IT'S ONLY, unoffically, a few hours old, but one thing is already clear about the general election for president in 2008: American voters can't complain about not having a real choice.
The fall campaign will pit the oldest first-time nominee for the White House against one of the youngest, who is seeking to become America's first black president.
One candidate supports the U.S. mission in Iraq, the extension of President Bush's tax cuts, and opposes abortion. The other supports abortion rights, would raise levies on the richest Americans, and has vowed to bring the troops home from the Gulf conflict as soon as he can.
Their stories are both American pie, but very different tasting slices: The admiral's-son-turned-prisoner-of-war Vietnam hero versus the immigrant's son who went from food stamps to the Ivy League.
Democratic U.S. Sen. Barack Obama of Illinois against Republican U.S. Sen. John McCain of Arizona already shapes up as one of the most epic battles for the presidency in U.S. history - to steal a phrase from Delaware's Sen. Joe Biden: "It's storybook, man."
The world woke up to history today as Obama - gaining a steady stream of key superdelegate endorsements throughout the day - finally claimed victory in his long and often bitter fight for the Democratic nomination against a determined U.S. Sen. Hillary Clinton, the former First Lady.
The 46-year-old Obama told a screaming throng in St. Paul, Minn., in the very hockey arena where the GOP will nominate McCain in September, that "tonight we mark the end of one historic journey with the beginning of another - a journey that will bring a new and better day to America.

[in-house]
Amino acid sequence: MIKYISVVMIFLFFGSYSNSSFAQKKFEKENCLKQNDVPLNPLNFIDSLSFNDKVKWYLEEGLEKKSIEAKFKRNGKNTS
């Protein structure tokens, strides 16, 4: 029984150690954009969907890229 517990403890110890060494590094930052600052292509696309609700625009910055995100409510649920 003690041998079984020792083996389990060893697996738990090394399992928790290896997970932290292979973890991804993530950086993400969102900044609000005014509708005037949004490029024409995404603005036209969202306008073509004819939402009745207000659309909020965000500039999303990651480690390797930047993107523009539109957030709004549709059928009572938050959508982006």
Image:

"Tonight, I can stand before you and say that I will be the Democratic nominee for President of the United States," said Obama, who was born in 1961, when many blacks were still prevented from voting across the American South.
A stream of new support from the key party insiders who serve as superdelegates to the Democratic convention in Denver in August - from Philadelphia party boss Rep. Bob Brady to ex-president Jimmy Carter - finally clinched the nomination for Obama, even as he suffered an embarassing primary loss to Clinton in South Dakota.
McCain immediately took up the general election fight in a speech to his supporters 1,000 miles downriver in New Orleans, where he acknowledged Obama's victory and battled back against Democratic attempts to tie him to Bush.
"They've seen me put our country before any President - before any party - before any special interest - before my own interest," McCain said. "They might think me an imperfect servant of our country, which I surely am. But I am her servant first, last and always."
McCain also made a surprising appeal to Clinton supporters, aware that some will be disgruntled and are considering voting for the GOP standard bearer in the fall.
"The media often overlooked how compassionately she spoke to the concerns and dreams of millions of Americans, and she deserves a lot more appreciation than she sometimes received," McCain said last night.
Clinton's future course of action was a little more unclear last night.